Narcissism is a Root of Character AssassinationUnquintessential leaders are generally imitators and copiers. They make a lot of noise and constantly scream “Hey, look at me!” but the noise is unoriginal, often hackneyed, and always copied from someone else. Therefore, they are jealous of people who don’t imitate and don’t copy other people, but actually do the hard work of research, innovation, and original creation.

For unquintessential leaders, the only way to quiet their jealousy and to hope to minimize or eliminate the impact of a person’s honesty, authenticity, originality and forward motion is to assassinate that person’s character.

The second root of character assassination is a darker  aspect of human nature that unquintessential leaders give in to routinely and that is finding a perverse joy and fulfillment in either watching somebody destroyed or destroying that person themselves. 

There seems to be an ugly pride and smugness among unquintessential leaders when they’ve assassinated someone’s character. Ironically, unquintessential leaders use these opportunities to talk about how awesome, how great, and how wonderful they are, sometimes in comparison to the person whose character they have assassinated, but, more often than not, because for unquintessential leaders it’s all about me, they simply sing their own praises and invite everybody else to join in their song.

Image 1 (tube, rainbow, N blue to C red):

And now, my friends, it’s that time when we all honestly look into our own mirrors and examine ourselves to see if we have the unquintessential leadership trait of character assassination in our lives.

Do we routinely assassinate the character of other people:

  1. Via social media or other means of communication, by stating or insinuating that those people are deficient and defective in character, attitude, motive, action, mindset, etc.? (It’s important to remember that those people aren’t there to defend themselves – and likely don’t even know what’s being said about them – nor are they able set the record straight so what we’re saying is one-sided and never the whole story.)
  2. By spreading rumors and gossip about them?
  3. By listening to a perpetrator’s character assassination of them?
  4. By believing without verification or proof a perpetrator’s character assassination of them?